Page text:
Absa CEO Maria Ramos. Picture: MOELETSI MABE
Absa CEO Maria Ramos. Picture: MOELETSI MABE

CEO positions remain closed for women in SA‚ with the number of female leaders at the country’s top companies remaining the same as it was in 2015‚ new research shows.

This is despite SA’s push for gender transformation in senior positions at companies.

The report, produced by search firm Jack Hammer, shows that there has been moderate progress in gender transformation at executive level‚ but none whatsoever at CEO level.

The research was conducted for its annual publication.

It investigates the leadership landscape in SA and in the rest of Africa.

This year‚ research focused on the management makeup of SA’s Top 40 listed companies‚ as well as a random selection of 40 other medium-sized to large organisations with offices in SA (called "the Broad 40").

"It really does appear that the corner office is the final frontier for women in the country‚" said Advaita Naidoo‚ the operations chief of Jack Hammer.

What was particularly interesting was the fact that companies did express their desire to appoint female — particularly black female — leaders.

Agenda

"What is not clear is why‚ despite this gender transformation agenda‚ women are simply not being appointed to the top job‚" said Naidoo.

This year’s research showed that in SA’s Top 40 companies‚ there was only one female CEO, Maria Ramos of Absa.

This is a drop from 2012, when research showed there were two female CEOs.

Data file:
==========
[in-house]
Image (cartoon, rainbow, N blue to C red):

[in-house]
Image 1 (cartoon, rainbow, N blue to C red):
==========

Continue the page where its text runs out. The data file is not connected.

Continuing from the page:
Naidoo said the situation appeared somewhat more positive in the Broad 40‚ with four female CEOs.

She explained, however, that this represented no increase in female representation in the top job‚ with exactly the same number of female CEOs as measured in the Broad 40 in 2012.

At executive level in 2018‚ from a total of 373 executives in the Top 40 companies‚ 83 (22%) were women.

Slight increase

This represented a slight increase from the 17% female representation in 2015.

"At executive level there has been some progress‚ with more women appointed in senior roles. But still‚ percentage-wise‚ women remain woefully underrepresented. "There is a glimmer of hope at nonexecutive board level‚ but clearly a lot of work must still be done‚" said Naidoo.

In 2018 the total female representation at board level in SA’s Top 40 companies was 32%‚ with 64% of these women being black females.

"Anecdotally‚ it is clear that companies want to appoint more women in senior positions. We can also see from placement data that shifts are being made at executive level.

"But when it comes to the most powerful position in a company‚ women remain conspicuously absent."

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